Personality - The thoughts, feelings and behaviours that make an individual unique.
Temperament - The genetic component of personality.
Longitudinal study - A study carried out to show how behaviour changes over time.
Thomas, Birch and Chess (1977)
Aim: To discover whether ways of responding to the environment remain stable throughout life.
Method: They studied 133 children from infancy to early adulthood. The children’s behaviour was observed and their parents were interviewed. The parents were asked about the child’s routine and its reactions to change.
Results: The children fell into three types: ‘easy’, ‘difficult’ and ‘slow to warm up’. The ‘easy’ children were happy, flexible and regular. The ‘difficult’ children were demanding, inflexible and cried a lot. The children that were ‘slow to warm up’ did not respond well to change or new experiences to begin with, but once they had adapted they were usually happy.
Conclusion: These ways of responding to the environment stayed with the children as they developed. Thomas, Chess and Birch therefore concluded that temperament is innate.
Monozygotic Twins - Twins developed from one fertilised egg.
Dizygotic Twins - Twins developed separately fertilised eggs.
Buss and Plomin (1984)
Aim: To test the idea that temperament is innate.
Method: They studied 228 pairs of monozygotic twins and 172 pairs of dizygotic twins. They rated the temperament of the twins when they were 5 years old. They looked at three dimensions of behaviour: Emotionally, activity and sociability. They compared the scores for each pair of twins.
Results: There was a closer correlation between the scores of the monozygotic twins than between the scores of dizygotic twins.
Conclusion: Temperament has a genetic basis.
Kagan and Snidman (1991)
Aim: To investigate whether temperament is due to biological differences.
Method: Kagan and Snidman studied the reactions of four-month-old babies to new situations. For the first minute the baby was placed in a seat with the caregiver sitting nearby. For the next 3 minutes the caregiver moved out of the baby’s view while the baby was shown different toys by the researcher.
Results: 20% of the babies showed distress by crying, vigorous movement of the arms and legs and arching of the back. They were classed as high reactive. 40% of the babies showed little movement or emotion. They were classed as low reactive. The remaining infants fell somewhere between the 2.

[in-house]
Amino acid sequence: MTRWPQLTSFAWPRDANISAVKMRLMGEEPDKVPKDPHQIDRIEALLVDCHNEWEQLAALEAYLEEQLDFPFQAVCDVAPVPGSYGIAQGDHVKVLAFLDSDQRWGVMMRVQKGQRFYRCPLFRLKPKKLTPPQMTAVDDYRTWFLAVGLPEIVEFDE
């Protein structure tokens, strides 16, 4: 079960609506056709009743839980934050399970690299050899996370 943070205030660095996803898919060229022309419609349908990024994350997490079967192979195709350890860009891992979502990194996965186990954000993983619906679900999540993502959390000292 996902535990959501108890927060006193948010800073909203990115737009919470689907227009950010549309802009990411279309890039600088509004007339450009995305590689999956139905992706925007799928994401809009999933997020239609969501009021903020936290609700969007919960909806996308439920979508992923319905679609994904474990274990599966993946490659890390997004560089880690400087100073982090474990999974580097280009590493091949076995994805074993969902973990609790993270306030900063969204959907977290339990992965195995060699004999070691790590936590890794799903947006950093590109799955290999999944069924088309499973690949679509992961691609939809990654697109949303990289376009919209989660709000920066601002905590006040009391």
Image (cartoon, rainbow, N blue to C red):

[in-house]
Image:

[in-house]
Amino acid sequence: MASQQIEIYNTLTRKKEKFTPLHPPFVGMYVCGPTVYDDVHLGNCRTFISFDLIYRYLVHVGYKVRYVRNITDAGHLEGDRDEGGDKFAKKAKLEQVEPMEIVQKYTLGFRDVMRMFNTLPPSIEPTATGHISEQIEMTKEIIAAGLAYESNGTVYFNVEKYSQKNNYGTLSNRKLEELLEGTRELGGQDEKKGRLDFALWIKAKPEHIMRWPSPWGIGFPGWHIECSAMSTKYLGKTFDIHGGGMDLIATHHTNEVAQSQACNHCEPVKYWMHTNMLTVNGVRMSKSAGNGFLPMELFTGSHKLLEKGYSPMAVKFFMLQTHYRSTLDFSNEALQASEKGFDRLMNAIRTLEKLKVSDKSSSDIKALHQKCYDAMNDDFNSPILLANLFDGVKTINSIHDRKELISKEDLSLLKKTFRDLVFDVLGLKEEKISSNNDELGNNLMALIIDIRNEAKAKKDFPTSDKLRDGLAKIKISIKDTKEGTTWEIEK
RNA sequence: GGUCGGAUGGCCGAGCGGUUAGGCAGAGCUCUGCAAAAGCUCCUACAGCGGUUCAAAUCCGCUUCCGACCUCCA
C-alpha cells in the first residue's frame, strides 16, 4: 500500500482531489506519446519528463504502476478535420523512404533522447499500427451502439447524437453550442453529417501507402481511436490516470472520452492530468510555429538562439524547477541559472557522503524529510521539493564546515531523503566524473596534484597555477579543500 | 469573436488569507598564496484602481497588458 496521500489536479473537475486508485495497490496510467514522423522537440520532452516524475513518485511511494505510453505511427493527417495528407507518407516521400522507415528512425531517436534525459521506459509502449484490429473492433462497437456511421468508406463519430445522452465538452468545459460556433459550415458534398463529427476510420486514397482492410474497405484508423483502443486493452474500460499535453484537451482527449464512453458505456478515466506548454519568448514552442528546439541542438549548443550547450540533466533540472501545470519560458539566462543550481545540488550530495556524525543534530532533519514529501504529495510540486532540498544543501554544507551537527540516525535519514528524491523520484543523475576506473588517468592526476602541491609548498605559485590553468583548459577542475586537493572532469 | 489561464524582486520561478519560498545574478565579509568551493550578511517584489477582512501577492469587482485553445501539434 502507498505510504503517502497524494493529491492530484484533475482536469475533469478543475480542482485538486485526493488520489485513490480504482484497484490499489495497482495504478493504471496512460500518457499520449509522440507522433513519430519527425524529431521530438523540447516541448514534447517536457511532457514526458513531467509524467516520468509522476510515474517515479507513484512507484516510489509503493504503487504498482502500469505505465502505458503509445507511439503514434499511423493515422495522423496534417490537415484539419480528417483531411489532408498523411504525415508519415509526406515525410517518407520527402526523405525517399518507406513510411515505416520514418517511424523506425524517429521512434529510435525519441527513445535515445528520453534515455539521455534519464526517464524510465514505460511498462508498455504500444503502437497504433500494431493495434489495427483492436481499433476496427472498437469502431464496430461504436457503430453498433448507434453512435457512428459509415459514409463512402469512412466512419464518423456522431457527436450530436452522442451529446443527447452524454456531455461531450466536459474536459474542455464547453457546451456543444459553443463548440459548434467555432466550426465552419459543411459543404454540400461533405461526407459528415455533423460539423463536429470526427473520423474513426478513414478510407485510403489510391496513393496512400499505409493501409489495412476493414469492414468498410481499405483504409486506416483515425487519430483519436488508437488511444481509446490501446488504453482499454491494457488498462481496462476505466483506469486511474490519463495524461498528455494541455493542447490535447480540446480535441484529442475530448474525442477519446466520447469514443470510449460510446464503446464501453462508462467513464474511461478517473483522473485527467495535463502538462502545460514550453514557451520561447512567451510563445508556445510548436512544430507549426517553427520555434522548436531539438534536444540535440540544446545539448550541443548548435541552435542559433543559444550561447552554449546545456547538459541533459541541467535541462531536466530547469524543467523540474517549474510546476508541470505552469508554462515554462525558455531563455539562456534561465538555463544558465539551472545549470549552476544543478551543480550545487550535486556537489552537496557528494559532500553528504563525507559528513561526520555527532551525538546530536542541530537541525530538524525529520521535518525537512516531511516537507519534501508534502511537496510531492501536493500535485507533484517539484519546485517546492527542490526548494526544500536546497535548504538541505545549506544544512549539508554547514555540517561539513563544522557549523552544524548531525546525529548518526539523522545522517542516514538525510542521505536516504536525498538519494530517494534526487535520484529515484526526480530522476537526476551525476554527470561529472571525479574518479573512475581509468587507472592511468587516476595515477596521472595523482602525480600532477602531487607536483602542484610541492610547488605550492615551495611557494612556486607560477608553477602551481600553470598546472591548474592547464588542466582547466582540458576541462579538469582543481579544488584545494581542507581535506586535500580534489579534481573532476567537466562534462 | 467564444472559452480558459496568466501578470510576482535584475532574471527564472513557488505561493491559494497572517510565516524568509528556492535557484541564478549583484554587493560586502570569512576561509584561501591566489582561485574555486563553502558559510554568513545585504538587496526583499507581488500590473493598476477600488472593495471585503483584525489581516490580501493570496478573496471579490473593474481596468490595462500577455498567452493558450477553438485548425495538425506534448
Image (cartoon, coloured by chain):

In a follow- up study, 11 years later, Kagan and Snidman found there was still a difference in the way the two groups reacted to new situations; the high reactive were shy while the low reactive were calm.
Conclusion: Kagan and Snidman concluded that these 2 temperaments are due to inherited differences in the way the brain responds.
Type theory – personality types are thought to be inherited. They can be described using related traits.
Extroversion – a personality type to describe people who look to the outside world for entertainment.
Introversion – a personality type that describes people who are content with their own company.
Neuroticism – a personality type that describes people who are highly emotional and show intense reactions to fear.
Aim: To investigate personality differences between people.
Method: 700 servicemen completed a questionnaire. Eysenck analysed the results using factor analysis.
Results: He identified 2 dimensions of personality (extroversion, introversion and neuroticism- stability).
Personality scales – ways of measuring personality using yes/no questions.
Psychoticism – a third dimension identified by Eysenck. These people are hostile, insensitive and cruel.
APD – a condition in which the individual does not use socially acceptable behaviour/ consider the rights of others.
DSM-IV TR – lists different mental disorders and the criteria for diagnosing them
Amygdala – part of the brain involved in emotion.
Cerebral cortex (GM) – the outer layer of the brain.
Prefrontal cortex – the front of the brain involved in social and moral behaviour, controlling aggression.
Raine et al. (2000)
Aim: To support the theory that abnormalities in the prefrontal cortex cause APD.
Method: Magnetic resonance imaging (MRI) was used to study 21 men with APD and a control group of 34 healthy men. The subjects were all volunteers.
Results: The APD group had an 11% reduction in prefrontal grey matter compared with the control group.
Conclusion: APD is caused by a reduction in the brain’s grey matter.
Elander et al. (2000a)
Aim: To investigate the childhood risk factors that can be used to predict APD in adulthood.
Method: Researchers investigated 225 twins who were diagnosed with childhood disorders and interviewed those people 10-25 years later.
Results: Elander et al. found that childhood hyperactivity, conduct disorders, low IQ and reading problems were strong predictors of APD and criminality in adult life.
Conclusion: Disruptive behaviour in childhood can be used to predict APD in adulthood.
Aim: To investigate the development of offending and APD in males studied from childhood to the age of 50.
Method: The researchers carried out a longitudinal study of the development of APD in 411 males. They all lived in a deprived, inner-city area of London. They were first studied at the age of 8 and were followed up until the age of 50. Their parents and teachers were also interviewed. Searchers were carried out at a Criminal Records Office to discover if they or their family members had convicted of a crime.
Results: 41% of the males were convicted of at least one offence between the ages of 10-50. The most important risk factor for offending were criminal behaviour in the family, low school achievement, poverty and poor parenting.
Conclusion: Situational factors lead to the development of APD.